No-fishing zone seen as key piece of new management plan
FRISCO — The National Park Service says a 10,000-acre no-fishing zone will help restore the heart of Key Biscayne National Park’s coral reef ecosystem and boost fish populations in surrounding waters.
The new marine reserve was announced earlier this month as part of an updated management plan for the popular park near Miami. The no–fishing zone covers about 6 percent of the park’s waters. Some other ecologically important shoreline areas will be protected by slow-speed, no-wake, and no-motor zones to benefit seagrass beds, manatees, mangroves and nesting birds.
“Our primary goal is a natural, healthy marine ecosystem for visitors to explore, learn about, and enjoy” said park superintendent Brian Carlstrom. “This plan will guide us and help ensure that the park’s vital and extraordinary coral reefs, mangrove forests, extensive tracts of Biscayne Bay and the Florida Keys, and 10,000 years of human history, will be protected for future generations.”
The new plan recognizes that tourism, recreational use, fishing, and development have all taken a toll on Biscayne National Park over the last thirty years. Many key reef species have declined, as heavy boat use has crushed corals and left thousands of propeller scars. Overall, only six percent of the park’s reefs remain.
Numerous studies around the world have shown that marine reserves help restore coral reefs and fisheries. In particular, a NOAA study showed how species like black and red grouper are making a comeback in south Florida waters thanks to strict management of the Tortugas Ecological Reserve in the Florida Keys National Marine Sanctuary.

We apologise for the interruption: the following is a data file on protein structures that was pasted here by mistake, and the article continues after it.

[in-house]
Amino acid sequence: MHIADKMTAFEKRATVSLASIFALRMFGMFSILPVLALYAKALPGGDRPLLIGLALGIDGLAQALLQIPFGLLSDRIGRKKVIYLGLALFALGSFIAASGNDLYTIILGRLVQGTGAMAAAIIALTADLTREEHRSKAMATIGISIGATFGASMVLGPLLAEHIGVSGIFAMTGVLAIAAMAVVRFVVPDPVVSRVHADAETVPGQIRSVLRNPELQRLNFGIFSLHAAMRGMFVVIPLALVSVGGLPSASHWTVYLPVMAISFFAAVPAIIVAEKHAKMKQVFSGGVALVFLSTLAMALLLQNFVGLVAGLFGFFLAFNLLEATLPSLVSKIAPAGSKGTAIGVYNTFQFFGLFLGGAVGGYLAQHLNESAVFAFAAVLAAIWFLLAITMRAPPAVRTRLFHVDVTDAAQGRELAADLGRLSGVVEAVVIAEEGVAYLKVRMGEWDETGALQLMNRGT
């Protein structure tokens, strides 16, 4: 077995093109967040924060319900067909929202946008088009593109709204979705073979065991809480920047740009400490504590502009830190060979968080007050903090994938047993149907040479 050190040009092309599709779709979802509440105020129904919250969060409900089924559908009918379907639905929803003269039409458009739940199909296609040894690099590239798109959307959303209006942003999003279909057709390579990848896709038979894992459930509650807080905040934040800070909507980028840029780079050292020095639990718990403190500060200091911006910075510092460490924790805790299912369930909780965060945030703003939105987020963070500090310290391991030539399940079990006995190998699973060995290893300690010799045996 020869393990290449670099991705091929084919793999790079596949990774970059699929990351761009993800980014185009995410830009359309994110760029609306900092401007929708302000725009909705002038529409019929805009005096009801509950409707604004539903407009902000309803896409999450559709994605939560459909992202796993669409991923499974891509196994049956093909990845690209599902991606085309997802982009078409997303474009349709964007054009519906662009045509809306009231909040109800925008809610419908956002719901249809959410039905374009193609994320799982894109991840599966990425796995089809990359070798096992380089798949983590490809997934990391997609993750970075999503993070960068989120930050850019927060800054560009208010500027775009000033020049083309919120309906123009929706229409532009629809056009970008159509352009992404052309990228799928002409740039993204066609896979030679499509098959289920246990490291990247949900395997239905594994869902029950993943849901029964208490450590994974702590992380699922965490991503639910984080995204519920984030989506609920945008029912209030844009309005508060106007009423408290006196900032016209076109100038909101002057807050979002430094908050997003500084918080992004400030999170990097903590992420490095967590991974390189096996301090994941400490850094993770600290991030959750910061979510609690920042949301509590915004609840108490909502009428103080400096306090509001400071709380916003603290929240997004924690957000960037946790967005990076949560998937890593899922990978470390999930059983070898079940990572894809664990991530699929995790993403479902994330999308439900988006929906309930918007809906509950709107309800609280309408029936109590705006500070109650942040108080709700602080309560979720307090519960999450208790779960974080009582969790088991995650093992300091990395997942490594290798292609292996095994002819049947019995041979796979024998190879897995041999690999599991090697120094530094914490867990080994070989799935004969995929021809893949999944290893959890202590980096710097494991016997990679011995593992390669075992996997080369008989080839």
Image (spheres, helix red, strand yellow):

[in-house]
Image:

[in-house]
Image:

“A marine reserve is one of the most effective ways for us to encourage restoration of the park’s coral reef ecosystem and it received strong support from the public during development of the plan,” Carlstrom said. “In addition to producing larger fish and more fish for snorkelers and divers to enjoy, the marine reserve is expected to have a spillover effect, improving the fishing experience outside the zone.”
The park received about 43,000 unique public comments over the years as the plan took shape.
“We worked with many partners and public agencies to determine the way to a healthy park and with minimum restrictions on activities in the park today,” Carlstrom said.
Continued public involvement is critical to success of park management actions. The park continues to work cooperatively with partner agencies, especially the Florida Fish and Wildlife Conservation Commission and the National Oceanic and Atmospheric Administration’s Fisheries Service.
The plan will be gradually implemented depending on available funding and staffing. Implementation of the marine reserve zone will occur after a special park regulation is issued. The regulation will define the various aspects and requirements of visitor access within the zone.
Visit www.parkplanning.nps.gov/bisc_gmp to download a copy of the final plan and more information about the plan. A limited number of CDs and printed copies are available in the Dante Fascell Visitor Center.
For more information about Biscayne National Park please visit the park website at www.nps.gov/bisc or follow the park on Facebook at www.facebook.com/biscaynenps, Twitter at www.twitter.com/biscaynenps or Instagram at www.instagram.com/biscaynenps.